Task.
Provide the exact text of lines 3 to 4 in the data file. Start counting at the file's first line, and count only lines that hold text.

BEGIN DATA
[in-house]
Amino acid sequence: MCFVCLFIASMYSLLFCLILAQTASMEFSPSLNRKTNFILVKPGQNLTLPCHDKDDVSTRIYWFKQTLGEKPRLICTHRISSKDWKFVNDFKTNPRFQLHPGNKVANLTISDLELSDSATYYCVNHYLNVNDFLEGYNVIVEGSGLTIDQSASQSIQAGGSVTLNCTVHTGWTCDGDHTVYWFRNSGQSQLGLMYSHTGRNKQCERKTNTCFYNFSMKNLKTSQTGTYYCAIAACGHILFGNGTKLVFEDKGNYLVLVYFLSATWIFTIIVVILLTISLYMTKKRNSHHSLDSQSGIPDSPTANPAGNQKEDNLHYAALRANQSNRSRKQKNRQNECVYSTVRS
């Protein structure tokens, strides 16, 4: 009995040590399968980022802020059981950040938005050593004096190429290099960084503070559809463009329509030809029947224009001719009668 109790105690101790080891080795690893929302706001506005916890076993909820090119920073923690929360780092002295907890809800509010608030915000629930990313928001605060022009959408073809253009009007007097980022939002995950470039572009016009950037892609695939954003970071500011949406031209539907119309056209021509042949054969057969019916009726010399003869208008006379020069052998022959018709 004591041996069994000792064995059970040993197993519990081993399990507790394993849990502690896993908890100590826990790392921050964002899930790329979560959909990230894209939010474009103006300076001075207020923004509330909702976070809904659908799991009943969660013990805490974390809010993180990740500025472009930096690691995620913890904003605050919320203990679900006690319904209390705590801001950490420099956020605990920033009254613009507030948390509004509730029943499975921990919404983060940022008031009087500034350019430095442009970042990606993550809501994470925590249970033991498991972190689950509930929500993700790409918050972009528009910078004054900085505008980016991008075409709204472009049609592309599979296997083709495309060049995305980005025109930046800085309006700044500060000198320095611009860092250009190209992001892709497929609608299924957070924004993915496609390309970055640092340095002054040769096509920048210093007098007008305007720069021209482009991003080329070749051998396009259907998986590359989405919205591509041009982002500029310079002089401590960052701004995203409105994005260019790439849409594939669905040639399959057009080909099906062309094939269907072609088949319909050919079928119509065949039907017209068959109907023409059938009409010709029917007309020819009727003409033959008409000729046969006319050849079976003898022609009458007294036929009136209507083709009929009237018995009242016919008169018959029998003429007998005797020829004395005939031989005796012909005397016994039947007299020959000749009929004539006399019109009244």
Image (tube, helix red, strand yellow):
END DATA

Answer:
């Protein structure tokens, strides 16, 4: 009995040590399968980022802020059981950040938005050593004096190429290099960084503070559809463009329509030809029947224009001719009668 109790105690101790080891080795690893929302706001506005916890076993909820090119920073923690929360780092002295907890809800509010608030915000629930990313928001605060022009959408073809253009009007007097980022939002995950470039572009016009950037892609695939954003970071500011949406031209539907119309056209021509042949054969057969019916009726010399003869208008006379020069052998022959018709 004591041996069994000792064995059970040993197993519990081993399990507790394993849990502690896993908890100590826990790392921050964002899930790329979560959909990230894209939010474009103006300076001075207020923004509330909702976070809904659908799991009943969660013990805490974390809010993180990740500025472009930096690691995620913890904003605050919320203990679900006690319904209390705590801001950490420099956020605990920033009254613009507030948390509004509730029943499975921990919404983060940022008031009087500034350019430095442009970042990606993550809501994470925590249970033991498991972190689950509930929500993700790409918050972009528009910078004054900085505008980016991008075409709204472009049609592309599979296997083709495309060049995305980005025109930046800085309006700044500060000198320095611009860092250009190209992001892709497929609608299924957070924004993915496609390309970055640092340095002054040769096509920048210093007098007008305007720069021209482009991003080329070749051998396009259907998986590359989405919205591509041009982002500029310079002089401590960052701004995203409105994005260019790439849409594939669905040639399959057009080909099906062309094939269907072609088949319909050919079928119509065949039907017209068959109907023409059938009409010709029917007309020819009727003409033959008409000729046969006319050849079976003898022609009458007294036929009136209507083709009929009237018995009242016919008169018959029998003429007998005797020829004395005939031989005796012909005397016994039947007299020959000749009929004539006399019109009244």
Image (tube, helix red, strand yellow):